Wednesday, October 26, 2011

Crazy Ideas #1: His Accountant

All writers - of fiction anyway - are asked where they get their ideas.

Asimov got many of those from his Black Widower mystery stories from real life.

For example, in "The Family Man," a Black Widowers story which appeared in a 1976 issue of Ellery Queen Mystery Magazine, the Black Widower's guest is an IRS investigator. His presence prompts Thomas Trumbull to say, "Good God. And you offer that as justification for your existence? Horse-whipping with barbed wire is what it justifies."

Later on in the story, Trumbull says, ""What the hell has 'unwilling' got to do with it? You enforce your own interpretation of the rules, act as prosecuting attorney and judge, hound us relentlessly, treat us as guilty till we prove ourselves innocent, and are perfectly ready to jail us if you can. What do you care if we're unwilling?"

and you know Asimov was thinking about the IRS when he had Geoffrey Avalon say this:
"I don't conscientiously pad, but I must admit that the IRS and I might not agree on just what constitutes a deductible expense in the first place."

And he has his IRS character say, "Then you deduct it till we tell you otherwise. That's the tax man's version of keeping you innocent until proven guilty."

Asimov never got in trouble with the IRS, but he was questioned about a deduction he took when he donated his papers to Boston University in 1968. (8 years before the events of "The Family Man."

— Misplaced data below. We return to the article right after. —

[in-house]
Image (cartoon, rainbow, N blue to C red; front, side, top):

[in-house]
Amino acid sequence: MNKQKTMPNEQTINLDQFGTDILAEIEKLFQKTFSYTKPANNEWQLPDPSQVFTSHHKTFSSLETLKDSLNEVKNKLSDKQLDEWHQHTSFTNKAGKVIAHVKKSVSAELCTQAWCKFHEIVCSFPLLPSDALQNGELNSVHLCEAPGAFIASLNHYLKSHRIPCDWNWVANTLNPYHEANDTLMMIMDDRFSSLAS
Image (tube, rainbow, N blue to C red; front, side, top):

From Yours, Isaac Asimov (a collection of Asimov's letters and postcards to people):

In late 1968, Isaac got a notice from the IRS that it had questions about his 1966 tax return.

1 November 1968
My accountant kept calming me and calming me and telling me he knew I was honest and the tax people knew I was honest and he would tell them flatly that it was a waste of time to question a man of my integrity, etc., etc. Then he looked through my tax return and said, "Aha-a-a-a." And I said, "What, what, what, what, what?" Then, to make it perfectly clear, , I said "What?" (That's a Wodehousian touch.

In 1966, I was giving my manuscripts and papers to BU, and for the first time, I received a note from them which included a notarized statement from some expert in such matters which gave an evaluation of the worth of my contribution. He placed it at $3,500. BU informed me I could deduct this from my income for tax purposes and so I did.

My accountant said, "Any sunstantial contribution in something other than money sets off an alarm in the computer and everyone comes running."

I said, "But I had nothing to do with it. I didn't ask for it. BU sent it of their own accord, and this guy is a recognized expert employed by them and this is a notarized letter."

And he said, "It doesn't matter. They want to argue it. They're going to question whether the material is worth that much."

I said, "For my part, it isn't worth anything. I used to burn it all before I started giving it to BU. But the university says its worth a great deal to them and to future generations of scholars."

He said, "I'll argue it with them and we'll see what happens."

Anyway, I'm not mad anymore because I think this is a legitimate investigation. In my case, I think the deduction is reasonable enough, but I can see where this sort of thing could lend itself to great abuse and the government should investigate it. And I'd rather be investigated myself in a careful guard against abuse than to escape it out of the general corruption and inefficiency of the government. Because, to be selfish about it, a rotten government would be far more expensive to me in the long run than the enforced (even unjustly enforced) payment of a few hundred dollars.

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